“We could have time, mistress, if you tell your silly mother to bother you tomorrow.”
Celia: “We’ll have time tomorrow as well.”
“I don’t doubt you’re going to surprise me with all sorts of fun things at our sleepover.”
GM: The ghoul smiles at and plants several worshipful kisses upon Celia’s foot, even if her eyes look faintly disappointed to be denied now.
Celia: They just had sex.
Celia runs a hand through Alana’s hair and takes her leave. The girl needs to get used to being disappointed. She had.
Thursday evening, 17 March 2016
Celia: The clients come and go, each of their needs seen to by Celia’s well-practiced hands. Charity Flynn mumbles about her husband’s treatment of their estranged daughter while Celia uses the fine edge of a scalpel to scrape off the top layer of her skin, taking the dead cells and fine, fuzzy hairs along with it. She keeps her eyes covered with a gel pad that will reduce the appearance of fine lines when she bleeds her, taking a single hit from the woman under the guise of “trying a new technique.” As the woman melts beneath her touch—that sanguine kiss is so dependable—Celia says that maybe she’d like to book a massage next time to help keep some of the stress from her body.
“Just set it up with Piper or Louise at the desk,” Celia smiles at the woman on her way out the door. Inside her chest her Beast purrs at the hapless kine and their doe-eyed adoration of the girl who keeps them young and beautiful. She doubts Preston has it so easy with meals delivered right to her, paying her for the service.
Lisa Greer is next. Star had given a gift card to Stan, who had apparently given it to Lisa, and her first trip in had turned her into a firm believer of Flawless’ place at the top of the spa world. Celia takes more from her than she had from Charity, excess blood poured into a container for later, and tells herself that it’s better for the woman to have less energy to worry about her missing “daughter.”
She’s such a helper.
GM: Charity gives a low gasp on the table as a blush tinges her cheeks red. She tells Celia that was “incredible” and is all-too happy to book another massage appointment.
“With you, of course,” she adds.
Celia: Of course. None of the others can do what she does.
GM: Stan’s wife Lisa is more subdued. She’s a small, slim woman with dark hair and sad eyes who admits she doesn’t do her art anymore, when Celia asks about her life.
“Some artists play into that tortured artist angle, and say it’s what inspires their work, but that… isn’t me. My art comes from a place of happiness.”
She’s quiet, when Celia takes from her. She closes her eyes and loses herself in the sensation.
And she talks, like they all do.
“I tried to do the right thing with her. I raised her as my own. I loved her as my own. But after she got older, around high school… she just never wanted to be as close to me.” Her voice quavers slightly. “I wonder if there’s something I could have done.”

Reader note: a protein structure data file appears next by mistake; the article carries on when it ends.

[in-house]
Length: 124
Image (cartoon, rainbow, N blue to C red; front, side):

Celia: Celia listens patiently as Lisa speaks, and only when she starts to blame herself does she cut in. She knows—knows—that the Summer thing has more to do with supernatural forces than just being raised by another family. But she doesn’t say it. She speaks instead of a girl she knew who was raised by her mother and the man she referred to as her dad, how even though the dad raised her as his own she felt as if she never belonged, how even now, as an adult, she’s waiting for him to finally say “you’re not my daughter.”
“It’s like this trump card they hold over you,” Celia says patiently, “and even if you’d never use it, even if my friend thought her dad would never use it, it’s always there in the back of the mind. Unwanted. Unaccepted. I have another friend, adopted at birth, who never got over the fact that his parents gave him up. His family is amazing. He loves them. But there’s always that pang of ‘why wasn’t I good enough?’ and it has nothing to do with you and everything to do with _them.”_
For all the drama that came with Maxen, for as awful as he is and was, sometimes she still wishes he were her real dad, and that they did have a better relationship growing up, and that her life hadn’t been something out of a horror novel.
GM: “Her birth mother… I’ve never been completely sure what to call her,” admits a paler and woozy-looking Lisa, “sees Summer, saw her, pretty often. They were close. But she has other children, who she’s raised with her husband. They met later. I wonder if Summer thought something about herself wasn’t good enough.”
“I just wish… I just wish she’d come home… we’re all so worried…”
Celia: She’s working on it.
“She will. When she’s ready.”
GM: The pale woman starts to softly cry.
Celia could taste it in her blood.
The sour, heavy flavor.
So different from her usual candy-sweet and lust-filled vessels.
There’s depth to it. The sour isn’t bad at all. It tastes sincere. Real.
It’s not a fleeting, momentary sadness. It’s a parent’s all-consuming grief.
Let it not be said Summer’s stepmother doesn’t really love her.
Blood doesn’t lie.
Celia: Celia offers what comfort she can. It’s not enough; it never is. She can hardly say she knows Stan. She can’t offer that she’s looking into it, that she has two of her boys following every lead they have to find her.